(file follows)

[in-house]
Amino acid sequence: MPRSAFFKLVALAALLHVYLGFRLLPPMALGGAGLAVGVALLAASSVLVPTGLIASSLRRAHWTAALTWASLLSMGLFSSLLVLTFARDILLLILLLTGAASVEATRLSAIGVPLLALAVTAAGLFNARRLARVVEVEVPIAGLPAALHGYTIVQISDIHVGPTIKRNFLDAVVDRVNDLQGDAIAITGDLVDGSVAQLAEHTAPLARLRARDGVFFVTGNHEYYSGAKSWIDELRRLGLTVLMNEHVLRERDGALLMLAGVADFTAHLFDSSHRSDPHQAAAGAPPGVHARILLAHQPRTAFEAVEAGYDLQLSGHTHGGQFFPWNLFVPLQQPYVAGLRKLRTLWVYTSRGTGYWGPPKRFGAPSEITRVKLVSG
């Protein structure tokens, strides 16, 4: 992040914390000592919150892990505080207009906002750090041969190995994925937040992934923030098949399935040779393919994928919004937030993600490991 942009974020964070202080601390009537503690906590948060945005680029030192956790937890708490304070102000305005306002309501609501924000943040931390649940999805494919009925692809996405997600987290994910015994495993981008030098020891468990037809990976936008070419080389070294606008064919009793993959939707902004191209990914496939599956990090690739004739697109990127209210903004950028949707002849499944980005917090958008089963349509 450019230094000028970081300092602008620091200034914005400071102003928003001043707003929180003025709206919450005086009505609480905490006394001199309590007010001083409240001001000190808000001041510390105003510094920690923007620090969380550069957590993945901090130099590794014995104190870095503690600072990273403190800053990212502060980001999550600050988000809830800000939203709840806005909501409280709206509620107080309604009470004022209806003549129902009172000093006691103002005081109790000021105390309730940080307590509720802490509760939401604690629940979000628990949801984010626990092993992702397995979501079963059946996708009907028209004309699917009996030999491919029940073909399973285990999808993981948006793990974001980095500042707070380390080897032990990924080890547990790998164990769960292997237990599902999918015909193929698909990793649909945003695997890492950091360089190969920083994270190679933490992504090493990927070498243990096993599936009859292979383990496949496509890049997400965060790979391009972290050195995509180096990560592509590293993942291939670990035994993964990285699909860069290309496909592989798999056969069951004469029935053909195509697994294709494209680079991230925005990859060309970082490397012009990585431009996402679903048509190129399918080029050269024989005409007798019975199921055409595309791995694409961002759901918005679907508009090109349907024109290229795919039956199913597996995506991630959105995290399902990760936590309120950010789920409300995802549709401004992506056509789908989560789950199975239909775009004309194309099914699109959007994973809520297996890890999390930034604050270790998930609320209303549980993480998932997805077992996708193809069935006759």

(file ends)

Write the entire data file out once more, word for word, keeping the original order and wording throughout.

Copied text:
[in-house]
Amino acid sequence: MPRSAFFKLVALAALLHVYLGFRLLPPMALGGAGLAVGVALLAASSVLVPTGLIASSLRRAHWTAALTWASLLSMGLFSSLLVLTFARDILLLILLLTGAASVEATRLSAIGVPLLALAVTAAGLFNARRLARVVEVEVPIAGLPAALHGYTIVQISDIHVGPTIKRNFLDAVVDRVNDLQGDAIAITGDLVDGSVAQLAEHTAPLARLRARDGVFFVTGNHEYYSGAKSWIDELRRLGLTVLMNEHVLRERDGALLMLAGVADFTAHLFDSSHRSDPHQAAAGAPPGVHARILLAHQPRTAFEAVEAGYDLQLSGHTHGGQFFPWNLFVPLQQPYVAGLRKLRTLWVYTSRGTGYWGPPKRFGAPSEITRVKLVSG
């Protein structure tokens, strides 16, 4: 992040914390000592919150892990505080207009906002750090041969190995994925937040992934923030098949399935040779393919994928919004937030993600490991 942009974020964070202080601390009537503690906590948060945005680029030192956790937890708490304070102000305005306002309501609501924000943040931390649940999805494919009925692809996405997600987290994910015994495993981008030098020891468990037809990976936008070419080389070294606008064919009793993959939707902004191209990914496939599956990090690739004739697109990127209210903004950028949707002849499944980005917090958008089963349509 450019230094000028970081300092602008620091200034914005400071102003928003001043707003929180003025709206919450005086009505609480905490006394001199309590007010001083409240001001000190808000001041510390105003510094920690923007620090969380550069957590993945901090130099590794014995104190870095503690600072990273403190800053990212502060980001999550600050988000809830800000939203709840806005909501409280709206509620107080309604009470004022209806003549129902009172000093006691103002005081109790000021105390309730940080307590509720802490509760939401604690629940979000628990949801984010626990092993992702397995979501079963059946996708009907028209004309699917009996030999491919029940073909399973285990999808993981948006793990974001980095500042707070380390080897032990990924080890547990790998164990769960292997237990599902999918015909193929698909990793649909945003695997890492950091360089190969920083994270190679933490992504090493990927070498243990096993599936009859292979383990496949496509890049997400965060790979391009972290050195995509180096990560592509590293993942291939670990035994993964990285699909860069290309496909592989798999056969069951004469029935053909195509697994294709494209680079991230925005990859060309970082490397012009990585431009996402679903048509190129399918080029050269024989005409007798019975199921055409595309791995694409961002759901918005679907508009090109349907024109290229795919039956199913597996995506991630959105995290399902990760936590309120950010789920409300995802549709401004992506056509789908989560789950199975239909775009004309194309099914699109959007994973809520297996890890999390930034604050270790998930609320209303549980993480998932997805077992996708193809069935006759």